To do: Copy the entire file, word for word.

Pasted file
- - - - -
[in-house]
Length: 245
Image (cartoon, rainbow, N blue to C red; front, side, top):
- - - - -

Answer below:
[in-house]
Length: 245
Image (cartoon, rainbow, N blue to C red; front, side, top):